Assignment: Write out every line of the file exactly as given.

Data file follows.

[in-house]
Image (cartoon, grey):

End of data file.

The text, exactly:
[in-house]
Image (cartoon, grey):